Challenge Results:

Once you have completed 8-weeks (32 sessions) of full body, metabolism stimulating, lean muscle toning and fun workouts and can say, “hey look, I fit into my skinny jeans,” you will be entered into a drawing to win a FREE pair of designer jeans.

**Already signed up for an outdoor boot camp, no problem, we will be holding a Skinhy Jeans challenge at all out door boot camps for those interested in adding an extra “goal” for themselves heading into the summer season. Coaches will discuss this further the first week of camp**

CHINESE CHICKEN SALAD: A Nutritional Powerhouse in a Bowl

If you have never tried bok choy before, now is the time to try out this nutritional powerhouse. Bok choy  is rich is vitamin C, fiber, potassium, and calcium (about the same amount as a 1/2 cup of milk).

Ingredients:

4 cups chopped bok choy

3 cups diced cooked chicken breast

1 cup shredded carrots

2 tbs minced fresh chives or green onions

2 tbs hot chile sauce with garlic

1 ½ tbs peanut or canola oil

1 tbs balsamic vinegar

1 tbs soy sauce

1 tsp minced fresh ginger

Directions:

  1. Place bok choy, chicken, carrots & chives in large bowl.
  2. Combine chile garlic sauce, oil, vinegar, soy sauce & ginger in small bowl; mix well.
  3. Pour over chicken mixture; toss gently.

Foods You Think Are Healthy…But They Are Not!

Today’s Boot Camp Health Tip

I came across this list of foods that people think are healthy, but really are not. Some will be obvious to you because you are so savvy and have learned a thing or two from your boot camp SMART Nutrition packet and have listened to our nutrition tips during camp…but others may not. I searched for this list in working with a new client who is extremely over weight (but she lost 6 pounds her first week of camp). I feel like her diet was so poor that even things that seem obvious to most of us, to her are not. She is making better choices in the scheme of things BUT still poor choices all around that are affecting her progress. Change happens gradually. I thought everyone would find this information helpful as it gives you some great alternatives to your current food choices. Pass this one on.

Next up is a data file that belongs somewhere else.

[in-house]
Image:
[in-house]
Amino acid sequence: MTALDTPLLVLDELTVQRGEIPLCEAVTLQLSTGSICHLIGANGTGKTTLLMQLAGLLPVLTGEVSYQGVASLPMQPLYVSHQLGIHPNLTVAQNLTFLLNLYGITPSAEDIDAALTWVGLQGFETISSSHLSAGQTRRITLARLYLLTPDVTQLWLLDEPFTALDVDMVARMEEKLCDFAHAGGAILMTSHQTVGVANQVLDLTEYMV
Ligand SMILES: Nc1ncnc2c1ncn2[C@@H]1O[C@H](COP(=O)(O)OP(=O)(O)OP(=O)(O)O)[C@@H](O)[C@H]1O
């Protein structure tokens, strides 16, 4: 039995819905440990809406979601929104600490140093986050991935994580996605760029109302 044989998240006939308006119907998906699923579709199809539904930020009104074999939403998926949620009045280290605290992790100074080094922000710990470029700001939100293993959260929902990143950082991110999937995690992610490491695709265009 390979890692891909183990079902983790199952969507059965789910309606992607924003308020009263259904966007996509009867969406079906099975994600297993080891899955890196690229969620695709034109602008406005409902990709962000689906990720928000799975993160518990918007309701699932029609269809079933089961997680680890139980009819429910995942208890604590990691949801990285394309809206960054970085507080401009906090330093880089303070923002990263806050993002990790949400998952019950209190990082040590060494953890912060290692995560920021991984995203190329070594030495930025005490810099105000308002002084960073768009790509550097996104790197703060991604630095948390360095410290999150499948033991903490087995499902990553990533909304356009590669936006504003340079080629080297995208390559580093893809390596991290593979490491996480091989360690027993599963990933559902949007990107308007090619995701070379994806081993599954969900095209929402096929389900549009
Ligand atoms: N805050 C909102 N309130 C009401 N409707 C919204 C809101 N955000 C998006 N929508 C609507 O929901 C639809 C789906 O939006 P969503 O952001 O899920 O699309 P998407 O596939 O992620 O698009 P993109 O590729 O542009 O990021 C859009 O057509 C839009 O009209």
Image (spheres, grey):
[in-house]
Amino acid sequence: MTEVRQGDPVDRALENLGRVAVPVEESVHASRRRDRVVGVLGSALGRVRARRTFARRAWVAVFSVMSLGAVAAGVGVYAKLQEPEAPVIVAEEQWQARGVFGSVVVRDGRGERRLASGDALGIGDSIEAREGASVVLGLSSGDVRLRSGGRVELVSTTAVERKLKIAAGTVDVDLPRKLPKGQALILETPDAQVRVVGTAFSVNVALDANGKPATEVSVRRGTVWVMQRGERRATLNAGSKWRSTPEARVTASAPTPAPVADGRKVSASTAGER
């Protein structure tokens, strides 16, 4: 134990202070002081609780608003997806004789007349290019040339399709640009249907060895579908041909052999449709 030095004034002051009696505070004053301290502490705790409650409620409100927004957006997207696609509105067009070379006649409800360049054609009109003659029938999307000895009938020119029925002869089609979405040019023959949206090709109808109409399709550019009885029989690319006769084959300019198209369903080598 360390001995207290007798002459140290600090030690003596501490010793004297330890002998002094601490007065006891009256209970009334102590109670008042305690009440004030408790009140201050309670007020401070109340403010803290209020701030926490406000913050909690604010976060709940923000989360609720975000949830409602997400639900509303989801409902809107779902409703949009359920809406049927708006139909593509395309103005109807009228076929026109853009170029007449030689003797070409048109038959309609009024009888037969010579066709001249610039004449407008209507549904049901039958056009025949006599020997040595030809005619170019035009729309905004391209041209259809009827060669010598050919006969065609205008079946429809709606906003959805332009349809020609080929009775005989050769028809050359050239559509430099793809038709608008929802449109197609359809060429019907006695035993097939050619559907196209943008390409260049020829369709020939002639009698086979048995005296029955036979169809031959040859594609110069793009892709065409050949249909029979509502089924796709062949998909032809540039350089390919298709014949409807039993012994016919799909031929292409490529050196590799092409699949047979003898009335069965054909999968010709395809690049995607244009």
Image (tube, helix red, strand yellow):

Foods and Drinks that People Think are Healthy but are Not Healthy

Written by Jeff Behar, MS, MBA

Today more than ever many people want to look good, feel good and fight the bulge, so many people try to eat healthy an unhealthy health foods try to eat good. I stress the word “try” because although many people want to eat healthy, so many people lack the basic understanding of nutrition, and in their efforts to eat healthy foods, many people eat foods that are totally unhealthy for them. Marketing tricks, marketing gimmicks and deceptive advertising of many food companies and also poor nutrition knowledge by the media and many people blogging about healthy foods across the web does not help matters. The following is a list off several “health foods” and “health drinks” that are just not that healthy.